complete

Pronunciation

Verb

Adjective

Noun

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Pronunciation

- IPA: /kəmˈpliːt/

Verb

**complete** (completes, *present participle* completing; *past and past participle* completed)

- (
*transitive*) To finish; to make done; to reach the end.*He***completed**the assignment on time.

- (
*transitive*) To make whole or entire.*The last chapter***completes**the book nicely.

- (
*to finish*) accomplish, finish; see also Thesaurus:end - (
*to make whole*) consummate, perfect, top off

- French: accomplir, terminer
- German: beenden, fertigstellen, fertigmachen
- Italian: completare, compiere, andare fino alla fine, portare a compimento
- Portuguese: terminar, acabar, concluir
- Russian: заверша́ть
- Spanish: terminar, completar

- French: compléter
- German: komplettieren, ergänzen, vervollständigen
- Italian: completare, riempire, portare a termine
- Portuguese: completar, inteirar, concluir
- Russian: укомплекто́вывать
- Spanish: cumplir

Adjective

**complete** (*comparative* completer, *superlative* completest)

- With all parts included; with nothing missing; full.
*My life will be***complete**once I buy this new television.*She offered me***complete**control of the project.*After she found the rook, the chess set was***complete**.

- Finished; ended; concluded; completed.
*When your homework is***complete**, you can go and play with Martin.

*Generic intensifier*.*He is a***complete**bastard!*It was a***complete**shock when he turned up on my doorstep.*Our vacation was a***complete**disaster.

- (
*analysis, of a metric space*) In which every Cauchy sequence converges to a point within the space. - (
*algebra, of a lattice*) In which every set with a lower bound has a greatest lower bound. - (
*math, of a category*) In which all small limits exist. - (
*logic, of a proof system of a formal system with respect to a given semantics*) In which every semantically valid well-formed formula is provable.- Gödel's first incompleteness theorem showed that
*Principia*could not be both consistent and complete. According to the theorem, for every sufficiently powerful logical system (such as*Principia*), there exists a statement*G*that essentially reads, "The statement*G*cannot be proved." Such a statement is a sort of Catch-22: if*G*is provable, then it is false, and the system is therefore inconsistent; and if*G*is not provable, then it is true, and the system is therefore incomplete.^{Principia Mathematica}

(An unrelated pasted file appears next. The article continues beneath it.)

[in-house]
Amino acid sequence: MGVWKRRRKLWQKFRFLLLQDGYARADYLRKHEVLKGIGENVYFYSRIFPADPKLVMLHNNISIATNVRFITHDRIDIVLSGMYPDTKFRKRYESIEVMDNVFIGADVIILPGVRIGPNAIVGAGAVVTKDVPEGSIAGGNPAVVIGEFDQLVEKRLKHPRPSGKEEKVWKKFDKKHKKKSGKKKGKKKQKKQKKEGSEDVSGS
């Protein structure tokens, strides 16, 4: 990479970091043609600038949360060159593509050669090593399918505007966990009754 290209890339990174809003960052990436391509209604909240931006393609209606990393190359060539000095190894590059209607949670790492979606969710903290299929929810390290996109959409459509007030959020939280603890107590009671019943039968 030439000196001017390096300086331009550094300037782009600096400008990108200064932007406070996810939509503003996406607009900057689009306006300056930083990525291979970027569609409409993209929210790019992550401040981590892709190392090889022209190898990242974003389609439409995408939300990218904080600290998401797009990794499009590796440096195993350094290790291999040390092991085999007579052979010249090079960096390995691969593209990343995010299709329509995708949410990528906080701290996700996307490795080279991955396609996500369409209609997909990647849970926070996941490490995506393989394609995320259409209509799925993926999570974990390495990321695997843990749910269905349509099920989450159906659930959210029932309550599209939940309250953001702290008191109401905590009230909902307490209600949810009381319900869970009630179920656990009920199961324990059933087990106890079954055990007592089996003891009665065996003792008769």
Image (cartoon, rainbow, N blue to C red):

- Gödel's first incompleteness theorem showed that
- (
*computing theory, of a problem*) That is in a given complexity class and is such that every other problem in the class can be reduced to it (usually in polynomial time or logarithmic space).

- (
*with everything included*) entire, total; see also Thesaurus:entire - (
*finished*) concluded, done; see also Thesaurus:finished - (
*generic intensifier*) downright, utter; see also Thesaurus:total

- French: complet, complète
- German: ganz, komplett, vollständig
- Italian: completo, completa
- Portuguese: completo, integral, totalizado, íntegro
- Russian: по́лный
- Spanish: completo

- German: abgeschlossen, beendet
- Italian: completato, concluso
- Portuguese: completo, concluído, terminado
- Spanish: completo

Noun

**complete** (*plural* completes)

- A completed survey.
**1994**, industry research published in*Quirk's Marketing Research Review*, Volume 8, p. 125;*Research Services Directory Blue Book*, published by the Marketing Research Association, p 552; and*Green Book*, Volume 32, published by the New York Chapter, American Marketing Association, p. 451- “If SSI says we're going to get two
**completes**an hour, the sample will yield two Qualifieds to do the survey with us.”

- “If SSI says we're going to get two
**2013**, Residential Rates OIR webinar published by PG&E, January 31, 2013- “…our market research professionals continue to advise us that providing the level of detail necessary to customize to each typical customer type would require the survey to be too lengthy and it would be difficult to get enough
**completes**.”

- “…our market research professionals continue to advise us that providing the level of detail necessary to customize to each typical customer type would require the survey to be too lengthy and it would be difficult to get enough
**2016**, "Perceptions of Oral Cancer Screenings Compared to Other Cancer Screenings: A Pilot Study ↗", thesis for Idaho State University by M. Colleen Stephenson.- “Don’t get discouraged if you’re on a job that is difficult to get
**completes**on! Everyone else on the job is most likely struggling, and there will be easier surveys that you will dial on.”

- “Don’t get discouraged if you’re on a job that is difficult to get

This text is extracted from the Wiktionary and it is available under the CC BY-SA 3.0 license | Terms and conditions | Privacy policy 0.005